One of Indian cinema’s most beloved stars Dharmendra celebrates his 81st birthday on December 8. It’s a quiet birthday with only close family members around him. “I’ve never liked shor sharaaba. I don’t attend parties and don’t throw any. I am a simple man with simple needs. What keeps me going is not fame, fortune or success but the love of the people. I’ve no hesitation in saying I am loved by one and all. That is my greatest achievement and the only birthday gift every year,” says the affable actor, so natural on screen and in person, you are liable to miss his iconic status in life.
“I don’t know about legendary,” he laughed uncomfortably. “When I came to Bombay—that’s what the city was called back then—I only had my dreams. I was an untutored villager, with no idea of acting. I wasn’t even aware I was good looking until I began receiving movie offers for my good looks. I’ll always be thankful to filmmakers like Arjun Hingorani and O P Ralhan who saw something in me. Now when I look back I consider myself so fortunate to have worked with the best filmmakers and the most beautiful heroine in the film industry. For a boy from the village in Punjab it was a dream come true.”
Among the directors that Dharmendra worked with, he singles out Bimal Roy, Dulal Guha, Asit Sen and Hrishikesh Mukherjee as his gurus. “With Bimalda I got to work in one of his finest films Bandini where my co-star was Nutan. We did a few films together. But Bandini is our high point. If, as you say, I was a natural performer with no mannerisms or stylizing, it was because I learnt from masters like Bimalda and Hrishida to not ‘ACT’ in front of the camera, just react.”
With Hrishikesh Mukherjee, Dharmendra was an absolute favourite and part of some of his best works including the classic Satyakam. In fact at one point of time in the 1970s Dharmendra was shooting for two films directed by Mukherjee on two floors of the same studio.
Laughs Dharmendra, “Yes, I remember that. We were shooting for Chupke Chupke and Chaitali. I’d do a shot with Sharmila Tagore for one, change my clothes and rush for another shot with Sairaji for the other film. Hrishida was very fond of me. Satyakam was a favourite for both of us. Its theme of corruption in our society remains more relevant today than ever before. I think the reason why Satyakam is such a favourite with everyone is the hero’s idealism. No matter what the pressures my character wouldn’t compromise on his principles.”
Dharmendra’s own favourite scene is from Satyakam. “My character, who is suffering from cancer, has lost his ability to talk. I had to convey Satyapriya's anguish wordlessly, through my eyes only. At some point, my spiritual guru, portrayed by Dadamoni (Ashok Kumar) walks into my room and says "Now I can berate you to my heart's content without any retaliation from you". The words are bitter but they convey his love for me. I had to express I understood what my guru was saying, and that it was out of sheer love he was admonishing me. Next, my wife, essayed by Sharmila Tagore, who has been a silent witness to my uncompromising life, walks into the room with incriminating papers for me to sign that could relieve my family of poverty in the event of my death. For the sake of my wife and son, I agree, for the first and last time in my life, to sign the papers. But before I can actually do it, Sharmila snatches the papers out of my hand and tears them up. My character had to convey his deep undying love and gratitude for the woman who has stood by his side, through thick and thin, helping him uphold his lofty ideals. It was a very tough scene to do. I thank Hrishida for the faith he reposed in me. When I look back at the scene, I wonder how I managed it! And I believe Hrishida later said no other actor could have played Satyapriya in Satyakam. In a day and age when compromise is key I feel playing an uncompromising character like Satyapriya was a privilege. I'm glad I sailed through it. I sincerely think Satyakam should be screened at the school level. It shows honesty can never become outdated.”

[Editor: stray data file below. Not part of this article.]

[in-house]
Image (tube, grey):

In his heydays Dharmendra often dubbed ‘Garam Dharam’ was known to be an incorrigible ladie’s man. He laughs shyly, “By God’s grace I was liked by all my co-stars male and female. I remember all my heroines with much fondness as I am sure they remember me: Meena Kumari—with whom I did several films including the big blockbuster Phool Aur Patthar where I became the first Hindi film hero to take off my shirt, Sharmila Tagore—with whom I share my birthday, Asha Parekh—who was a buddy, Mumtaz-- with whom I just did a few films, Mala Sinha, Waheeda Rehman, Zeenat Aman, and of course Hema. They were all lovely co-stars. God bless them.”
Now Dharmendra looks forward to a spending time with his grandchildren. By God’s grace, they are well settled in life with lovely children. I was too busy running from studio to studio when my children were growing up. I want to spend as much time as possible with my grandchildren.”
The enduring superstar who started his career in 1960 with Dil Bhi Tera Him Bhi Tere has cut down on his work in recent years. He loves his time of semi-retirement. “I may not be doing that many films any more. But the love of my people remains undiminished. I was a born the he-man of Hindi cinema. I will die the he-man.”